The Hand That Rocks the Cradle (1992)

The Hand That Rocks the Cradle
Director: Curtis Hanson
Writer: Amanda Silver
Cast: Annabella Sciorra, Rebecca De Mornay, Matt McCoy, Ernie Hudson, Julianne Moore, Madeline Zima, John de Lancie
Seen on: 11.2.2018
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Plot:
Claire Bartel (Annabella Sciorra) is very happy with her husband Michael (Matt McCoy), and of course their 6-year-old daughter Emma (Madeline Zima). She’s also pregnant again. But when she goes to see her gynaecologist, Dr Mott (John De Lancie), he sexually assaults her. Claire calls in the authorities and Mott commits suicide to escape the scandal. Months later, Mott’s widow (Rebecca De Mornay) comes to the Bartels’ house to work as a nanny under a false name. Not knowing who she actually is, Claire hires her, giving her the perfect opportunity to get revenge for her ruined life.

The Hand That Rocks the Cradle is simply awful. Misogynistic and stupid on some many levels, I could barely stand it. It’s a catastrophe.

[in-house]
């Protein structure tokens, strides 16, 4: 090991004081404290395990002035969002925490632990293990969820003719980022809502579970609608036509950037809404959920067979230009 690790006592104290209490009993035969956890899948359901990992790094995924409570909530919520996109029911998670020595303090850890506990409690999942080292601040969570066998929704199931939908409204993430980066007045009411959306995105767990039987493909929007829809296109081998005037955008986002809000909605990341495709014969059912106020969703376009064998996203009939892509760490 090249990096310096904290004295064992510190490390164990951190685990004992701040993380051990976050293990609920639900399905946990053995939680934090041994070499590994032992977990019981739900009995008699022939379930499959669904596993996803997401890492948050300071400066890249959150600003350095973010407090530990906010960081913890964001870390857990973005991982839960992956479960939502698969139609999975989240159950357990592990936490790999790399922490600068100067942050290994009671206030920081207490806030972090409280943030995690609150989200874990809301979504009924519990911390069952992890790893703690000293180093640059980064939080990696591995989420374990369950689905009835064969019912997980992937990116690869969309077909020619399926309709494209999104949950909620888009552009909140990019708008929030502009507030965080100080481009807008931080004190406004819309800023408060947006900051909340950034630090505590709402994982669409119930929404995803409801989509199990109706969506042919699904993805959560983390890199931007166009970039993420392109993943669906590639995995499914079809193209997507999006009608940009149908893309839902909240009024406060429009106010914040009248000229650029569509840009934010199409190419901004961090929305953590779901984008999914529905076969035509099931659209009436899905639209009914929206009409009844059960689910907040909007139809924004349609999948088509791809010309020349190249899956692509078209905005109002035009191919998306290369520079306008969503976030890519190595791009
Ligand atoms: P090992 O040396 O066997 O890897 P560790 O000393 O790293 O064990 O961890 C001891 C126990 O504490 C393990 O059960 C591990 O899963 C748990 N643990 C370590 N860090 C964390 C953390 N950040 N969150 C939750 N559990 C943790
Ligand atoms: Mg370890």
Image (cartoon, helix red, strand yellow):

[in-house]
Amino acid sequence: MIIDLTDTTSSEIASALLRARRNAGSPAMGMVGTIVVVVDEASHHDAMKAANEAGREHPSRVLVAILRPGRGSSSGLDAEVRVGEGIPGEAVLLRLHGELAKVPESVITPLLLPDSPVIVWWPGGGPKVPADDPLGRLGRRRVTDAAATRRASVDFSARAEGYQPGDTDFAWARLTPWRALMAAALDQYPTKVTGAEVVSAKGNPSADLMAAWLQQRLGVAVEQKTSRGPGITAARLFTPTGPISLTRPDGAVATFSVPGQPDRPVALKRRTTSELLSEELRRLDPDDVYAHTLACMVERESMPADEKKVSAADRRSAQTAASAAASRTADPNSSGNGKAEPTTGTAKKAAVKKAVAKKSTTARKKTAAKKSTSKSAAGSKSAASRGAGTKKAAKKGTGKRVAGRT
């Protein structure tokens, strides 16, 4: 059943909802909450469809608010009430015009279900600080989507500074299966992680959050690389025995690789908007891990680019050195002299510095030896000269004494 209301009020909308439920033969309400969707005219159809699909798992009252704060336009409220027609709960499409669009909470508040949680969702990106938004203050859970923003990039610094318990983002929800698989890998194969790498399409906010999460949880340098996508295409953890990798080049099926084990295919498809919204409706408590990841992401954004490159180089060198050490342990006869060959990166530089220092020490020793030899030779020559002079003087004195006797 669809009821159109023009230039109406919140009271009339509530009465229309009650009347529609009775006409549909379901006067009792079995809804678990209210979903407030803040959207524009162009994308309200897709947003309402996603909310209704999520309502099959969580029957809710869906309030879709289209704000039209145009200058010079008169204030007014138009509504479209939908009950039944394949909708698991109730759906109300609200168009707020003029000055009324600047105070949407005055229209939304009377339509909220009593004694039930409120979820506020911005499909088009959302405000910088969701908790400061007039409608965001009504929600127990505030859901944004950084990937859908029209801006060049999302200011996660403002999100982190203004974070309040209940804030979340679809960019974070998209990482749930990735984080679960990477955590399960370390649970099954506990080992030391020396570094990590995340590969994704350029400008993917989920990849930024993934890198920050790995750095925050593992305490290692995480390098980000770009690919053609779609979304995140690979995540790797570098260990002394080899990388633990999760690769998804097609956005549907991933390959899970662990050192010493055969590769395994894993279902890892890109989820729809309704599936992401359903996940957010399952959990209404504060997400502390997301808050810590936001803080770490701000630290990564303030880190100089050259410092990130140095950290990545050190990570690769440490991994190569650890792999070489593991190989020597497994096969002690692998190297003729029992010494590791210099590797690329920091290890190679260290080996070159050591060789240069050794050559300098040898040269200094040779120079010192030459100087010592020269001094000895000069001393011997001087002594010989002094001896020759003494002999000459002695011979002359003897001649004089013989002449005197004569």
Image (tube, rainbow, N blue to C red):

There are exactly two things about the film that didn’t want to make me scream, two diamonds in the huge pile of shit: Julianne Moore and Madeline Zima. Their performances are strong and transcend the material the script offers. But that’s about it.

The rest of the film is, unfortunately, one catastrophe after the other. Starting with the mildly irritating thing that Claire’s asthma is triggered by stress in the most ridiculous way to the fact that the “nanny” (whose real name is never revealed, I think) ticks about every box in the misogynistic women-are-evil-schemers trope that you could possibly think of. I am willing to give them the benefit of the doubt that they wanted to show how threatening black men are perceived, especially when they’re disabled, but really the portrayal is just racist and ableist.

But even if the plot hadn’t relied on misogyny, it would still be incredibly stupid in the twists and turns it takes that are at the same time unlikely, clichéd and utterly predictable. There is really no redeeming feature here that is strong enough to make the film worth it.

Summarizing: I really didn’t expect much of the film, but it was worse than I thought.

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